However, despite significant growth and an expanding body of supporting evidence, e-learning is still only a small component of the overall training model for Canadian police. There is a tremendous opportunity to streamline and enhance police training but there is also a fundamental resistance to change. That resistance is not unique to the Canadian police sector. In a recent study from the UK’s Cranfield School of Management, researchers discovered that when it comes to innovation, the justice system as a whole is limited by the innate traits of the industry. Specifically, silo configurations, reluctance to deviate from established performance targets, and a traditionally risk-adverse culture have all been cited as barriers to innovation. That’s not to say there aren’t examples of innovative applications within the industry – there are many – but rather specific mechanisms for managing innovation are lacking. As a result, there is no process to proactively pursue and implement new approaches.
Beyond defining the barriers to innovation, that study, which surveyed senior level decision-makers from numerous European justice organizations and analyzed several innovation cases studies, identified some key elements for success. At the top of the list was effective leadership. While bottom-up input and acceptance are important drivers, like that seen in the e-learning adoption rates among Canadian police learners, a command structure that creates and supports a responsive environment for innovation is critical. Publicizing the benefits of successful initiatives is also key to raising awareness within the sector. Sharing successes builds confidence in new approaches and provides other organizations with an opportunity to consider implementing similar programs. In the Canadian context, this type of knowledge-sharing (by way of the annual Stanhope Conference which explores the issues and challenges surrounding e-learning in police training) has been a significant factor in increasing the acceptance of e-learning among police services. Furthermore, the Cranfield study points out that on its own, technology is only a tool; effective adoption is the linchpin to realizing the true benefits of innovation.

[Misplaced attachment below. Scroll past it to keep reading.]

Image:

Until now, when it comes to technology-supported learning in policing we’ve been, at best, dabblers. There are pockets of genuinely innovative application but overall adoption of available technologies has been make-shift and sporadic. However the time is fast approaching when the reality of today’s economy will close the gap between ‘sampling’ the technology and a serious effort to reform a costly and outmoded system. The successes and lessons learned from early innovators provide valuable insight into the path ahead and ongoing research from CPKN, the e-learning industry, and the sector at large will further facilitate the challenge of transition. Making a change isn’t easy, but rest assured, it will be a change for the better.